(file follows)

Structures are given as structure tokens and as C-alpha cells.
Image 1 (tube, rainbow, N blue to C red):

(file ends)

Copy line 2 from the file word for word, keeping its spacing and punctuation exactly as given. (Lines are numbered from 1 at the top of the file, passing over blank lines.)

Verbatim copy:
Image 1 (tube, rainbow, N blue to C red):